If you missed it earlier this week Boris Johnson, Mayor of London, penned an article in The Telegraph that called for the panic over foreign buyers inflating UK house prices to be quelled.
Approaching the subject in his typical effusive style, the Mayor declared, “Foreign billionaires or foreign bludgers: it’s hard to decide which set of bloody foreigners is more resented, but the message is clear. Hop off, beat it, and scram.”
Mr Johnson challenges the viewpoint that wealthy foreigners buying residential property is disastrous for the city. Indeed without it, he claims, there would be no income stream for affordable housing projects and construction on brownfield sites. In short, Boris says, “We won’t get any of these schemes going if we are so demented as to tell foreign investors to bog off.”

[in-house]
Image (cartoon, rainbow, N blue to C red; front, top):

While the Mayor acknowledges that tensions between us, the British, and immigrants to this country, lie in other areas such as employment and welfare, he begs for some perspective when it comes to foreign property purchasers.
Mr Johnson continues, “Before we all collapse in a xenophobic frenzy, let me ask: which European nation provides the most foreigners? It’s us! The British. We live abroad in greater numbers than any other country; we have been pushing up the prices in some European destinations for decades. Should we have a crazed exchange of populations – kicking the French out of Kensington in retribution for what they have done to house prices, while they kick us out of the Dordogne?”
Why Mr Johnson argues, penalise foreigners in this country for things our fellow countrymen emulate around the world?
With this Mr Johnson concludes, “We have our own share of irritating British rich people, pushing up house prices abroad and cheesing off the natives. We have our own share of bludgers, living off benefits in other countries. The Brits: we’re the biggest load of bloody foreigners on earth. It’s been good for us, and on the whole it’s been good for the world.”
To full article is here: http://www.telegraph.co.uk/property/10392577/Its-mad-to-blame-our-housing-crisis-on-blooming-foreigners.html